It cost Luke Mathieson about $800,000 to buy the state-of-the-art Chinese-made machinery that Prime Minister John Key officially launched at Real Steel in Upper Hutt yesterday.
If the exchange rate had been any lower, it would have cost him an awful lot more.
Mr Key's appointment to launch the biggest press-brake in New Zealand was set in his diary weeks ago, but the timing couldn't have been luckier, politically.
Opposition parties and unions are turning the heat on the Government over the high kiwi dollar and what it is doing to manufacturing.
The Greens have suggested the Reserve Bank undertake quantitative easing - printing money - to help bring it down.
Mr Key - brought all the way to Upper Hutt from Hollywood, the MC joked - was happy to soak up the success of a business in the manufacturing sector that was doing well.
"Despite what you might read in the paper or hear on TV, many of them are doing extremely well indeed," he told the group.
Manufacturing in the last four years contributed between 11.7 per cent and 11.9 per cent of GDP - it wasn't growing massively but it wasn't in decline.
Speaking about the exchange rate, Mr Key said that well over half the manufactured goods in the world had imported components in them.
It could be tough on commodity-linked sectors such as dairying when the exchange rate rises but there was always another side.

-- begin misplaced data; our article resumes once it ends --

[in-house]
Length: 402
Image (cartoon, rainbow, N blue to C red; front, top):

"It is not a single story in one direction," the Prime Minister said.
The way to support the manufacturing sector was to concentrate on the things the Government could control, labour laws, tax rates, opening up trade markets, cutting compliance.
Mr Key said the printing of money in Zimbabwe had made it a very poor country and it wouldn't work in New Zealand.
"It would put up the price of virtually everything New Zealanders would buy; it would add to inflation; if you are a retired New Zealander it would eat away at your savings; petrol would go up; your mortgage rate would go up."
New Zealand had options, including dropping interest rates below the 2.5 per cent official cash rate.
Mr Key said he would not be attending the Engineering, Printing and Manufacturing Union jobs crisis summit on Friday.
"There is not a crisis in the manufacturing sector. It is just tough on some businesses."
Q & A:
Q: Is it true that most businesses in the manufacturing sector are also exporters?
No. Just 42 per cent were involved in exporting and 58 per cent were not in 2011.
Q: What proportion of sales from exports contribute to overall sales in the manufacturing sector?
Just 7 per cent of companies are in the group whose export sales make up 75 per cent or more of overall sales; four per cent of companies are in the category in which 51 per cent to 75 per cent of overall sales is in export sales, 8 per cent are in the 26 to 50 per cent group; 23 per cent are in the 1 to 25 per cent category; and 58 per cent of manufacturing businesses had no export sales.
Q: Do manufacturing companies import much?
41 per cent of them imported raw material, components or equipment and 19 per cent of them imported finished goods for resale in New Zealand.
Source: Statistics NZ. Figures relate to the 4983 manufacturing businesses with more than six employees in 2011.